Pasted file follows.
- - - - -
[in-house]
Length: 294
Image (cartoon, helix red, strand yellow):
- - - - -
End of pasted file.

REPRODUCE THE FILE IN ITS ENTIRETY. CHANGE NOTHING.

[in-house]
Length: 294
Image (cartoon, helix red, strand yellow):